ickey needs new management. Disney stumbled into the debate about Florida’s parental rights bill, and then kept yapping after losing that fight. Various Disney leaders were even caught on video boasting
of “adding queerness” and “queer stories” to as much Disney content as possible.
Florida Republicans have responded by passing a bill that threatens to remove some of Disney’s special privileges in the state. Although the bill leaves some time to negotiate before it takes effect, it is still a significant strike against Disney. This was, as John Daniel Davidson recently argued in The Federalist, the right response: Republicans must push back against woke corporatism and capital.
After all, targeting woke capital and corporations is not about punishing actual owners for using their property as they see fit. Rather, in almost every instance, woke corporations are run by managers who do not own more than a tiny fraction of the companies they direct. Yet they nonetheless view the property they have in trust as their own, to be used for their personal political and ideological goals.
The left has learned that turning a corporation woke doesn’t require buying it. All it takes is a few key executives, some vocal employees, and a bit of social media pressure. That has been enough to push company after company into BLM-supporting, pride-flag-waving, diversity-consultant hiring wokeness.
Shareholders Can’t Hold Disney Accountable
Disney is an ideal example of this. Disney is controlled by business managers, acting on behalf of financial managers. Bob Iger, Disney’s former chief executive officer and current executive chair and chair of the board of directors, is reportedly the largest individual shareholder, with less than a tenth of 1 percent of the company’s outstanding stock. The actual ownership of Disney is held by various investment groups, which are themselves acting as managers for the money they hold on behalf of millions of us.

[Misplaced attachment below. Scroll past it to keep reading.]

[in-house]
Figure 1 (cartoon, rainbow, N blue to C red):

Disney is not run by its owners. It is run by managers. And they in turn are accountable to financial managers who are investing money that belongs to other people.
Buying into, say, an index fund offered by Vanguard that includes Disney stock gets Vanguard a seat at the table, not the individual investor. This multilayered management scheme makes it all but impossible for the people whose money was used to buy shares in Disney to hold Disney’s executives accountable.
As this illustrates, for every woke activist billionaire there are many more woke activist managers, who only wield real power because of the property they hold in trust for other people. Thus, the activism of woke corporations and capital is an attempt to establish a managerial oligarchy, in which the people entrusted with regular people’s money use that as leverage to bully and rule regular people. To a great extent, woke capitalism consists of using our money to intimidate our representatives and impose economic sanctions on entire states, from Indiana to Georgia, over everything from election security to religious liberty.
Not an Attack on First Amendment
These uses of corporate economic power for unrelated ideological ends are abuses of the stewardship that corporate and financial managers are entrusted with. Unfortunately, the diffuse and fluctuating nature of our current system of investment capitalism and ownership makes it difficult, if not impossible, for shareholders to hold these managers accountable.
This structural failure is why conservatives (as distinct from to libertarian ideologues) recognize a need for government in restraining these would-be man…